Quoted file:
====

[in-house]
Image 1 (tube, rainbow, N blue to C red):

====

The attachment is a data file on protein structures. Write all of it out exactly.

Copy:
[in-house]
Image 1 (tube, rainbow, N blue to C red):